Search the site:
Illinois Country Living

David Robson Extension Educator, Springfield Extension Center, University of Illinois

Yard & Garden

Bring on the blooms
Start spring bulbs for winter ‘forcing’

Most people only think of tulips, daffodils, hyacinths and other spring bulbs as things you plant sometime during October and November and hope they come up the following spring if all goes well.

And most gardeners have great intentions when it comes to buying bulbs they actually will get planted, though many hurry up during the colder parts of November to get them in the ground.

But that leaves many laggers behind, folks with good intentions but maybe short memories or lack of time.

That’s where “forcing” the bulbs comes into play.

Forcing is a term that sounds vaguely like a bullying term. In some ways, it sort of is. The goal is to make the plant do something it normally wouldn’t do, usually at the sake of living a longer life.

The main principle is that plants are potted, given a cold treatment more than turning a shoulder to them, and then “forced” into bloom. In most cases, after successful forcing, the plants are discarded. Gasp!

Many tulip varieties, crocuses, daffodils, squills and hyacinths are easily forced. Varieties most easily forced are usually marked as such in store displays and catalogs. Of course, some are quite common.

Paperwhite narcissus is just one of many of the forms with multiple flowers per stem and great fragrance for a daffodil. Little is needed except a container to force these bulbs. Sadly, they don’t do well outdoors unless you’re in the South.

And then there is the amaryllis. Like the paperwhite, all you need to do is pot them, set them in bright sunlight, keep the soil moist, sit back and wait. In two to four weeks, you’ll have blooms. These are the easy bulbs.

For common bulbs, they need a cold treatment that allows the bulbs to develop roots and the buds to break dormancy. The bulbs then need a warm treatment indoors to force them into bloom.

To pot the bulbs, place one-fourth inch of gravel in the bottom of 6- or 8-inch flower pots that have drain holes. Then loosely fill the pots about half way with a well-drained soil. Humus sold in most garden centers should work. Or, use half garden soil and half coarse sand.

Do not firm the soil; this ruins the drainage and bulbs usually rot.

Set the bulbs so that they are just touching each other, and the pointed tips are just showing above the rim of the pot. This seems backward as the natural tendency is to plant the bulbs deep. Don’t.

You may need to adjust the amount of soil so that bulbs are at the right height. Firm the bulbs into the soil; then add soil between the bulbs to within about 1/2 inch of the pot rim. Water thoroughly.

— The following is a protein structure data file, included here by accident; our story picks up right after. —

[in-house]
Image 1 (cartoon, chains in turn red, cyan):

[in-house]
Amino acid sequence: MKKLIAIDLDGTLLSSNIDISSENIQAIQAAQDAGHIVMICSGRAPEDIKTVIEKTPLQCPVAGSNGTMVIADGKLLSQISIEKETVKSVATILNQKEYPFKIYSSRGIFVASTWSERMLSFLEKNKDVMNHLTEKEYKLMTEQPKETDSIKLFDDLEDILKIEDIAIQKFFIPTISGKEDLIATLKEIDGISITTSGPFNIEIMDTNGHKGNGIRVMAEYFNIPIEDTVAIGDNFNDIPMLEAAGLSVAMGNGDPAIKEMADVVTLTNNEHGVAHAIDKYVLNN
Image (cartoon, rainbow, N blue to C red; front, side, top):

Store the potted bulbs where they will receive cool weather for about 13 weeks. A basement beverage refrigerator or even the household refrigerator if you can get away with it, an unheated garage, a cold frame, or a protected place outside is satisfactory. Make sure everyone in the household knows that the bulbs are not to be disturbed.

You can even stack the pots on top of each other until you see new growth shooting out of the bulb.

If outdoors, store potted bulbs under mulch such as leaves, straw, or sand, snug against the house or garage. The mulch needs to be 8 to 12 inches deep to prevent the soil from freezing and the pots from cracking. If possible, place the pots in a shallow ditch or hole and cover with the mulch. You may need to use screen wire to keep out mice and other animals.

Indoors or outside, it is important the pots be protected from freezing and kept moist.

In February, bring the pots in a week apart, keep at room temperature of about 50 degrees F for one week then increase the temperature to 60 degrees F. Flowers will develop in about four weeks, hopefully dissipating winter’s gloom over the next several weeks.

After the bulbs are done blooming, keep them around and plant them outdoors as soon as possible and keep your fingers crossed. Nine times out of 10, they’ve spent their energy and won’t survive.

But the one-tenth that does will bloom the following years.


More Information:

David Robson is an Extension Educator, Horticulture, at the Springfield Extension Center, University of Illinois Extension, P.O. Box 8199, Springfield, IL 62791. Telephone: 217-782-6515.


© 2016 Illinois Country Living Magazine.
Association of Illinois Electric Cooperatives

Designed and Maintained by Cooperative Design and Print.

Current Issue Archive About Us Advertisers Contact Us FAQ